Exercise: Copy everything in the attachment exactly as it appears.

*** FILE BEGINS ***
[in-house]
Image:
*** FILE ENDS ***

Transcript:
[in-house]
Image: